Standing in the early morning darkness outside of Sun Life Stadium on Saturday felt to former Dolphins wide receiver Mark Duper like when he used to stand in the tunnel before a big football game.
Only what he was about to do was much bigger than any catch he ever made during his 11-year NFL career.
Duper was preparing to ride in the third annual Dolphins Cycling Challenge – a mere eight months after he had a cancerous tumor surgically removed. Doctors at the University of Miami’s Sylvester Comprehensive Cancer Center, the sole beneficiary of all the money raised by the charity bicycle ride, ended up saving his life and he couldn’t wait to repay them on the streets of Miami.
“It felt like I was about to play a football game and my blood was really pumping,” said Duper, who completed his 30-mile ride that took him to the Miami Beach Marina one year after falling less than five miles short of his 40-mile ride. “I just wanted to make sure that I could go because it’s only been eight months since they removed my whole kidney and I was scared. But it came out perfect and I even felt like I might have been able to keep going.”
Throughout his life after football, Duper never hesitated to support whatever charitable cause he was being approached to support and became one of the Dolphins’ most reliable alums. Be it a golf tournament or a luncheon or in this case a bicycle ride, the Louisiana native always showed up with a smile.
So last year when he was pedaling tirelessly down Miami Beach’s Collins Avenue and A1A, Duper had no idea just how directly connected to the cause he had become. Feeling out of breath and a little tender in his lower abdomen, he got off his bike at the last water stop and accepted a ride from one of the DCC support vehicles to the 40-mile ride finish line at Duffy’s in North Miami Beach.
Nat Moore, Duper’s teammate for most of those years and the team’s Senior Vice President/Special Advisor, encouraged Duper to get himself checked out at Sylvester. Fortunately, they discovered the tumor early enough in Stage 2 before it spread outside of his kidney and Duper remains cancer free as of his most recent checkup.
“It was very inspirational but it also was ironic,” former Dolphins linebacker and Finsider Kim Bokamper said on the team charter shortly before it took off for Indianapolis. “I mean here’s a guy who was riding last year and felt some tenderness and went and had it checked out. He’s on a ride to raise money for cancer and he feels some discomfort and fortunately he found it early enough to where they could take care of it.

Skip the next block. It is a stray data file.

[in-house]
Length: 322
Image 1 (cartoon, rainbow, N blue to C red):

“I thought about it (Saturday) when I saw him. I thought about it as soon as I saw him in the morning. First of all, it’s great to see him here because we all know how that can go, so it was great to see him there. I remember talking to him about it and he said, ‘I’ll always ride. I’ll always ride in it.’ To his credit he gutted it out and he made it to 30 miles and I give him credit for that. But I’m going to stay on him until he gets himself in shape and is able to do a little better.”
Just a couple hours after he crossed that finish line, Duper was still emotional and could not get over all of the kind words he heard during the ride from former teammates and other riders. There were people who were big fans of him from his playing days that simply wanted to know how he was feeling and to commend him for doing the ride.
Duper joked that he was thinking about hitting the golf course after ending his phone interview because he was feeling so alive. It made him realize just how far the medical field has come in treating cancer and working on finding a cure.
“What saved my life is all of that research that the doctors did all of those years before this charity event came about,” Duper said. “But 10 or 15 years ago they probably wouldn’t have been able to do what they did for me and I might not have survived. So this is a really big situation and it’s really important when it comes to doing charity and giving money for research. That way they can prolong your life and if they can find a cure for cancer that would be the biggest thing in America. It will save a lot of headaches and a lot of problems and the more research we do the better we’re going to be and it’s money well spent.”
Obviously, this cause is very close to Duper’s heart so his passion is palpable and warranted. It’s also contagious and has spread to the likes of Bokamper, Zach Thomas, Twan Russell and the countless other ex-Dolphins that donned a helmet and mounted a bike this weekend.
“All kidding aside, the times that I’ve finished that ride the sense of accomplishment is really fulfilling,” Bokamper said. “But to be in Mark’s shoes I can imagine what it meant to him to cross that finish line after everything he’s gone through. It really is a remarkable thing one year later.”
For Duper, it wasn’t difficult for him to take that feeling he had when he raised his arms in the air at the Miami Beach Marina as he passed under the “Finish Line” banner and relate it to his football days.
“Because of what I went through it felt like those great moments anytime that ball was in the air, we’re down a touchdown and we need this touchdown to win and Marino throws the ball to me,” said Duper, who was a three-time Pro Bowler for the Dolphins. “Whether it was against the Jets, the Rams or New England, I can see them like they are in slow motion. And this ranks right up there with those great catches for sure.”